Have a list of BIPOC-led, trauma-informed programs and therapeutic resources on hand.* Our kids are struggling. All programs should have a list of BIPOC-led, healing resources that are grassroots and community-based — not only programs that have a law enforcement connection.

Ignoring racism or creating a “color blind” environment reinforces racism. Ignoring racism or shutting down discussion of racism with calls for “unity” reinforces racism. Every life in this country has been shaped by racism – for some of us it has meant access to better schools and more opportunities; for others it has meant displacement and violence. For all of us, it has resulted in a tragic loss of life and a threat to our humanity. Denying this reality only creates more division and violence.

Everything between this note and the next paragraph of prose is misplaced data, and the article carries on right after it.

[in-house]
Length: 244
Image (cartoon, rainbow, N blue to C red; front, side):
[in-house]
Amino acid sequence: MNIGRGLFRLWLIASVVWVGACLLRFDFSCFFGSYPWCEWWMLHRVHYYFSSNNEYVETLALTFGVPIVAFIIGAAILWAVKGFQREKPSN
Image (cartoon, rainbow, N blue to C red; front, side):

BIPOC mentors are crucial to BIPOC youth development. A program cannot claim to oppose racism while maintaining a whites-only leadership or staffing structure. BIPOC kids need to see themselves in the leaders who are shaping their growth.

White mentors play an important role in fighting racism. Having a white mentor who is knowledgeable about racism and vocal about fighting racism can provide critical support to BIPOC teens as they consider how to build constructive interracial friendships.

If you need to mediate complex conversations or solve a significant problem around racism at your program, bring in equity experts. Find BIPOC-led racial equity trainers to mediate conflicts that feel beyond your skill-set or too big to handle.

Racial Equity Communication DOs and DON’Ts

Do become a resource to BIPOC youth who need mentors and support. Don’t force a child to share experiences of racism for the “education” of others.